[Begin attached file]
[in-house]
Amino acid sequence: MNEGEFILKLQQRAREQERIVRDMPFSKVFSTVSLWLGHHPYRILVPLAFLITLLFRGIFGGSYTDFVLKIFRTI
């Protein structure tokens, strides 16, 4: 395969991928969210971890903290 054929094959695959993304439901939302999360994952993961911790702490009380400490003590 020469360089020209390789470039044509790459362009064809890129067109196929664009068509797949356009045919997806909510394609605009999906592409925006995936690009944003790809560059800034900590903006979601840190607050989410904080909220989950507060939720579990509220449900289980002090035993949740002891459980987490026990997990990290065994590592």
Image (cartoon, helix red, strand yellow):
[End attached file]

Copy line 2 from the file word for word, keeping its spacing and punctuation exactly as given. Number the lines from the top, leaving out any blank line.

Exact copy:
Amino acid sequence: MNEGEFILKLQQRAREQERIVRDMPFSKVFSTVSLWLGHHPYRILVPLAFLITLLFRGIFGGSYTDFVLKIFRTI